When Hubert Joly took the helm as Best Buy CEO in August 2012, the future looked bleak for the electronics retailer. Although its stores remained a popular destination, many customers used Best Buy as little more than a showroom — perusing the store in person but then making their purchases online at sites like Amazon for a lower price.
In December 2012, more than 10 percent of all Americans named Best Buy as their favorite place to browse but not buy, according to Harris Interactive, with Best Buy losing about $280 per transaction to lower-priced Internet competitors. Many wondered if Best Buy would even survive.
Yet by the end of 2013, the company was on a tear, its stock price more than tripling and CEO Joly crowing how, "A year ago, people said that showrooming would kill Best Buy. I think that Best Buy has killed showrooming."
The centerpiece to Mr. Joly’s turnaround strategy was a new low-price guarantee, in which Best Buy offered to match Amazon’s online prices and, in a TV ad featuring comedian Will Arnett, promised a “storybook ending” to customers’ holiday shopping experience.
Unfortunately, Best Buy investors didn’t get the ending they were hoping for, as the stock price tumbled more than 40 percent in January after disappointing holiday sales. Now the bears are back, with the Motley Fool’s Adem Tahiri recently wondering if Best Buy has “sustainable momentum” or will ultimately succumb to the showrooming threat.
The problem is that matching Amazon’s price doesn’t really kill showrooming. To make another storybook analogy, consider Bram Stoker’s “Dracula,” with Best Buy in the role of fearless vampire-hunter Abraham Van Helsing and Amazon as the smooth-talking, blood-sucking villain. In the story, Van Helsing kills Dracula by impaling him in the heart.
But Amazon’s threat to Best Buy isn’t dead, the shadow of its low prices still hovering over Best Buy’s every move. One could even say that, by matching Amazon’s low prices, Best Buy is just bleeding itself to keep the vampire at bay.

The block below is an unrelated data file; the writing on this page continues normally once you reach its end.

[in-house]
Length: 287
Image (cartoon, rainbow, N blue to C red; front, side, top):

There’s a better way to play this game, not just to survive the showrooming threat but to turn the tables to its own advantage.
Here’s how. Imagine that a customer comes to Best Buy looking for a new printer that sells for $299 at both Best Buy and Amazon. Rather than simply ringing up the sale, Best Buy invites Amazon and other online retailers to participate in an auction: If an online retailer can offer the printer for less than Best Buy’s cost, then Best Buy will buy the printer from them and pass the savings along to the customer in the form of a “surprise discount” at checkout.
(It’s essential that Best Buy hold this auction at checkout and not earlier. Otherwise, the customer might give Amazon the chance to beat Best Buy’s discounted price.)
To see what I mean, suppose that Best Buy’s cost from selling this printer is $269 but, due to lower overhead, online retailers such as Amazon face a cost of only $249. Now, suppose Amazon wins the auction with a bid of $259, $10 less than Best Buy’s cost. Best Buy would then pass this $10 savings on to the customer, lowering the price from $299 to $289, and cut a check for $259 to Amazon, who would then ship a new printer to Best Buy to be stocked for the next sale.
Amazon gets $10 profit but, more importantly, Best Buy gives the customer a better deal (and continues to make $30 profit itself) by offering the printer at a lower price than is available online. The customer never sees the auction results, but will be pleased at the lower price, making her even more likely to shop at Best Buy in the future.
Amazon won’t like this, but what choice does it have? If Amazon were to boycott the auction, other online retailers could then swoop in and make the sale at a profitable price. In this way, Amazon and other online retailers are essentially forced to play what is for them a losing game, and Best Buy becomes THE destination for getting not only the best showroom experience but also the lowest possible price on big-ticket electronics purchases.
Now that’s a storybook ending.
David McAdams is professor of economics at the Duke Fuqua School of Business and author of “Game-Changer: Game Theory and the Art of Transforming Strategic Situations”